When women complain that they earn 82.3 cents for every dollar earned by men, the typical response is: women enter lower-paying fields on average than men, and once they do, they make different choices – often leaving the workforce for a few years to take the lead role in raising young children. COVID likely exacerbated these disparities, as women left the workforce in droves, setting female labor force participation rates back by more than 30 years.
But the new federal Department of Education squashed by the Wall Street Journal shows that gender pay gaps are rooted in careers from the start, even among men and women graduating from the same school. The data, which looked at 1.7 million 2015 and 2016 graduates three years after graduating, reveals that in nearly 75% of the 11,300 undergraduate and graduate programs at about 2,000 schools nationwide, the median salary of men exceeded that of women. In almost half of the programs, the gap was 10% or more.
It is true that in certain professions, the difference could be explained in part by specific career paths; maybe the men who got law degrees from the University of Michigan and made $165,000 three years after graduation were more likely to be in a big law firm or in corporate law and less likely to be public defenders than women who earned an average of $120,000. But this is unlikely to explain all of the often large disparities among those with degrees in dentistry, nursing, accounting or marketing.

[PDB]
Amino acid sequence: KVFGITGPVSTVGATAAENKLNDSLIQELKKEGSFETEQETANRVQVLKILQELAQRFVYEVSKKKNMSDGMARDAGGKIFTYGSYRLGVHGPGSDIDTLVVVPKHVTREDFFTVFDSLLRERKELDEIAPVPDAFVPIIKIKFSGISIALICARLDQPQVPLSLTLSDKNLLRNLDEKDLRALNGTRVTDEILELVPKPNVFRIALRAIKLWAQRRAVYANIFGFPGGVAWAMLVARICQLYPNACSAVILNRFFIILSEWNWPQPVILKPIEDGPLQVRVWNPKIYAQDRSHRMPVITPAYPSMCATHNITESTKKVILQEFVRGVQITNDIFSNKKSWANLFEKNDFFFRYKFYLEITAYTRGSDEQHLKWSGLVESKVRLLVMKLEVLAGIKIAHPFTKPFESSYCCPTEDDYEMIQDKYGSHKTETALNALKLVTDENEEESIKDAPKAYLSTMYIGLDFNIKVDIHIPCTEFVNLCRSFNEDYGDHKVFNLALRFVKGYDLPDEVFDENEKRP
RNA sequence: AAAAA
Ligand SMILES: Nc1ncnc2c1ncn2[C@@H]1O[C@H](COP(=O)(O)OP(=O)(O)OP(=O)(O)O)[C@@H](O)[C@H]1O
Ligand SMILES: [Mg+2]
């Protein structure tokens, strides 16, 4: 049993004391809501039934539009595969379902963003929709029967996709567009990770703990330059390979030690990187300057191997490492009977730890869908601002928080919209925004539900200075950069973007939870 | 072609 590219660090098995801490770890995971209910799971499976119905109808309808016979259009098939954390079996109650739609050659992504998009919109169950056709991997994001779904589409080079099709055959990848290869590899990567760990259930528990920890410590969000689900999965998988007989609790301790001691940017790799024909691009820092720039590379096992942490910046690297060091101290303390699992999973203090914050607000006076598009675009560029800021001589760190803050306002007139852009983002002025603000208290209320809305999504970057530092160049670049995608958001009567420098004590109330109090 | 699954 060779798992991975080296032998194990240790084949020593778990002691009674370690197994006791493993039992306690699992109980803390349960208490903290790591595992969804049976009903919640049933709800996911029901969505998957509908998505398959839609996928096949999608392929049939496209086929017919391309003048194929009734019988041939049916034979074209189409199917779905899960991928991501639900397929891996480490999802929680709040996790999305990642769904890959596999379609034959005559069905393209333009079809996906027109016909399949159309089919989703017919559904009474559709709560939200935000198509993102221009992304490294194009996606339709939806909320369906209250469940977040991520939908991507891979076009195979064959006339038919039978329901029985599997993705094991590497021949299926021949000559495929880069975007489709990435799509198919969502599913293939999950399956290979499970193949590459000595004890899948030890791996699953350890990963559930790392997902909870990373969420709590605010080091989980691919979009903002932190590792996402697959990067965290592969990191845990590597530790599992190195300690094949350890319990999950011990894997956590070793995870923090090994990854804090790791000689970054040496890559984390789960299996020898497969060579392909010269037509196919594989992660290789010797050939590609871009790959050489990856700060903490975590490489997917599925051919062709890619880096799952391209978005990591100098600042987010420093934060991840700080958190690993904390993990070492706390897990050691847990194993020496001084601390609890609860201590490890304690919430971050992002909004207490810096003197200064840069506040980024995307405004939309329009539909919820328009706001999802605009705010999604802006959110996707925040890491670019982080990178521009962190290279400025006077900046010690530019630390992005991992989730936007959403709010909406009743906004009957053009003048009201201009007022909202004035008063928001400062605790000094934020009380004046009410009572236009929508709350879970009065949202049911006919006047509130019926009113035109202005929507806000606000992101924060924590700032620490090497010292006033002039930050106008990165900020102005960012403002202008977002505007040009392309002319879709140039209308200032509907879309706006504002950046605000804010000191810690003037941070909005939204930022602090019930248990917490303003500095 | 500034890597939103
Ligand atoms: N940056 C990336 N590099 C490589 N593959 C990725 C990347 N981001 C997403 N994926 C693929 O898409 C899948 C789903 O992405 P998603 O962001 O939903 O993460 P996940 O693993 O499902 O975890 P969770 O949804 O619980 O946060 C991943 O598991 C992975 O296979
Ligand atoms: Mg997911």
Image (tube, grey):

So what to do? Wider access to affordable childcare and eldercare services would be a big help, as would increased wage transparency across all industries, so employers don’t simply rely on compensation to set salaries.
Although raising the minimum wage – which at the federal level has been stuck at $7.25 since July 2009 – may help a small number of college, medical or law school graduates, it would increase dramatically. disproportionately women at the bottom of the income scale. So would greater unionization of private sector workplaces.
Get to work.